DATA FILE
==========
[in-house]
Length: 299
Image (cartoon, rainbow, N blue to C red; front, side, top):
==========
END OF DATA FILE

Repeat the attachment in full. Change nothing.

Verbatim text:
[in-house]
Length: 299
Image (cartoon, rainbow, N blue to C red; front, side, top):